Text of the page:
For my final in Intro to Computational Media, I have been working on a project called the Darkness Map, which is an attempt to map the light and dark levels of the city at night on a human scale. I am collaborating on this project with Scott Wayne Indiana and Rune Madsen, since the idea came out of discussions we’ve had in a seminar we’re taking called the History of Sound and Light.
the earth lit up at night
Most of you are probably familiar with this image, which is a view of the earth at night from space. We were inspired by the idea that by showing the amount of light there is, you are also showing the amount darkness, and we wanted to try and map where the darkest places are in such a well-lit city as New York.
In order to collect this data, we finally settled on using video. We had thought about using light meters with GPS tracking, but taking video also serves as a nice reference for the places you’ve mapped themselves. As we take this project further, we would like to build an app for the Android or iPhone which would ideally tag the frames of our videos with their GPS locations. This would help immensely in the data visualization process, since our way of “tagging” the video as of now is telling the camera what street we’re starting and stopping on, and shooting video of one block at a time. This requires someone listening to the video in order to give tag it with its location by hand.
One caveat of using the video on a smart phone is that you don’t have the ability to control the aperture or shut off auto iris. The ability to disable auto irising is crucial to our data collection, because we need some kind of control threshold in order to compare light levels. As the video cameras on smart phones get better and better, this should be possible soon. Another option is to link our video to a GPS logger manually, by logging GPS data at the same time as we record the video, and then linking them together by matching the timecode later on. This, however, might require additional human processing that we’d like to avoid. Ideally, we want to make an app for people to use so that we can try and crowdsource our data collection.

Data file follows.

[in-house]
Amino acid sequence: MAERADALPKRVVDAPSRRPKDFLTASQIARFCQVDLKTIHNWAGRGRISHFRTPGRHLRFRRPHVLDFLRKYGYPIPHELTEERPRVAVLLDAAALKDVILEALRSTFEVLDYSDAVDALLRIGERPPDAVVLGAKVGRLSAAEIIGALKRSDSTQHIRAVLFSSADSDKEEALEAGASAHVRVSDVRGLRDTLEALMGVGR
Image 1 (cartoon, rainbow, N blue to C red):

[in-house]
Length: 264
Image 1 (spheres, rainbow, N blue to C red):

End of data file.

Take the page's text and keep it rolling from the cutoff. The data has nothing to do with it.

Scott and I covered the area below in about 2 hours, which was the amount of time we could shoot video before our camera batteries died. Even in this small area, you can start to really see the variance in ambient light block by block. We also decided to shoot either side of the street, since there is a lot of variation even just across the street.
Darkness Map - East Village test
One of the nice surprises of this project was how the raw data, our video source footage, is a wonderful video work on its own. I think it could be great to add a “street view” element to the map, where you might click on a block and see its source footage played. Here is a sample of one block, with each side of the street side by side, formatted to look as if you’re walking down the block in the same direction.
So after a little debate, we decided to use video footage instead of a light meter to record the lightness and darkness of NYC at night. We did a short test outside of ITP, where we walked down a block on Waverly Place (between Greene and Mercer) and took video footage of the street. Rune made up a quick sketch to analyze the brightness of the frames, and here is the quick and dirty result.